Table of Contents
Jonathan Harkerís journal continues to record the events. He finds himself in his own bed. The Count has carried him back and undressed him. Luckily his diary has not been found. On May 18, he wants to check Count Draculaís door but the door is fastened from inside 19th May. The Count has asked Jonathan to write three letters. One saying that his work was nearly done he was returning home within a few days. Another, that he was starting for home the very next morning, and the third, he has left the castle and has arrived at Bistritz. The first is dated June 12, the second June 19 and the third June 29. Jonathan realizes that his life is short.
On May 28, he believes there is a chance of escape, as he sees a band of gypsies. He writes letters to Mina and Mr. Hawkins, and he gives the letters to the gypsies with a gold piece. The gypsies treacherously give the letter to the Count. The Count burns Minaís letter because it is in short hand and burns the envelope of the other.
On May 31, all the envelopes and the papers are taken from Jonathanís bag. On June 17, Jonathan realizes that his door has been locked from outside. June 24, before morning Jonathan is horrified to see the Count in his clothes. He realizes that the Count wants the others to think that Jonathan has left. Jonathan realizes that he is trapped. A couple of hours later, he hears a wail and though he sees a woman, who begs for her child. The Count gives a whistle and a pack of wolves appear and take away the woman.
On June 25, Jonathan decides to take a risk. He goes to the window to the South-side and climbs on the ledge and stands on a narrow ledge. From there he tries to enter the Countís room to find it empty. In a corner he finds a heap of gold which is very old. There is heavy door, which leads to a ruined chapel, evidently being used as a graveyard. He finds old coffins. He opens the coffins and finds the Count in it. Scared Jonathan runs away. On June 29, the Count tells Jonathan that this is his last day. Jonathan realizes that he will be killed. On June 30, Jonathan goes back to the Countís room to the coffin. He hits the Count with a shovel. He rushes out and decides to jump down.
This is one of the most important chapters amongst the chapters 1 - 4. This chapter keeps the reader hanging in exasperated anticipation about the fate of Jonathan Harker. One is not sure whether he is dead or alive. Dracula has already spelt out what would happen to him on the 30th June. Firstly, he would be feasted on by Dracula, and the three women would suck on his blood. Secondly, if he tries to escape, wolves would devour him in a pack. Thirdly, Jonathan could jump from the castle ledge and seek the mercy of God, for he feels it was better if he dies and becomes Godís soul, rather than being a member of the Un-dead.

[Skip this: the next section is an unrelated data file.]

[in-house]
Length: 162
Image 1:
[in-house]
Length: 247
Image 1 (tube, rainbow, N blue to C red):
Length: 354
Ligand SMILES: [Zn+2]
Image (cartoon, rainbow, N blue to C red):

In this chapter, each of the days, which Dracula dictates to him, is carefully described in the minutest of details. Each aspect dimension and description is very painstakingly done. Jonathan, the hero, is panicky and petrified, but his sharp lawyer-brain makes him record each moment in his diary.
Dracula comes across as a very careful and shrewd man in this chapter. Firstly, he asks Jonathan to write three letters so that through Jonathanís letters it can be surmised that he has left the castle. Secondly, he has got the gypsies so terrified that they almost immediately give him the letter Jonathan has tried to smuggle out to Mina. Thirdly, his civil urbanity has not dipped even a little as he destroys Minaís letter in front of Jonathan ever so politely. Fourthly, he wears Jonathanís suit on the June 17 as if to infer that Jonathan has left the castle. All this careful detailed planning, barring the diary being found out, show a conniving man, careful and shrewd, trying not to leave a trace of evidence.
In this chapter, one realizes that Dracula has been living through the ages sucking blood of innumerable people and gathering immense wealth so that he can continue throughout the generations. He is finally exterminated in the last chapter of this book by the band of men, who will meet in the ensuing chapters.